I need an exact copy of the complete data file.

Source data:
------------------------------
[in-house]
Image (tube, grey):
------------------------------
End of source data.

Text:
[in-house]
Image (tube, grey):